This course is designed to follow on from the popular AQA GCSE Science courses. Your studies will be well supported by a wide variety of teaching and learning materials, including numerous online resources. The first year of the course focuses on the core biological principles of cells, biological molecules and genetics. The second year addresses ecology, evolution and the various ways that organisms sense and interact with their environment. Practical work is assessed throughout the course and will help you develop valuable skills in laboratory techniques and data analysis. Biology requires strong analysis and communication skills. Students develop independent study skills and there are opportunities for teamwork, research and oral presentations.
1. Biological molecules
3. Organisms exchange substances with their environment
4. Genetic information, variation and relationships between organisms
5. Energy transfers in and between organisms
6. Organisms respond to changes in their internal and external environments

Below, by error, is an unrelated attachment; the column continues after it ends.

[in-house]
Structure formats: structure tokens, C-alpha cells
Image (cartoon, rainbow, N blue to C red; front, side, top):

7. Genetics, populations, evolution and ecosystems
8. The control of gene expression
- Continuous assessment will be used to inform the student’s progression into Year 13 and their registration for the A level Biology exam.
- The A Level course will assess all content from both years of the course and will be examined by three 2hr papers in June of the second year of study.
- There is no longer a coursework or controlled assessment unit.
- Assessments are based upon 12 compulsory Required practical investigations set by AQA. These are assessed in the written exams.
Students are assessed for development of practical skills along the way; with a pass/fail at the end. The A-Level exams test these skills, so it also affects the final grade. Students maintain and develop a 'lab book' to show evidence of completion of required practicals and associated skills.
Our students progress onto a very broad range of science related courses at universities across the country, including those deemed to be 'prestigious'. Students apply for university courses leading to careers in medicine, dentistry, veterinary science, natural sciences, psychology, nursing and midwifery, biomedical science, physiotherapy and research.
Some also go on to non-science related courses and careers such as law where their achievements in science A Levels have served to develop skills such as problem solving and critical thinking.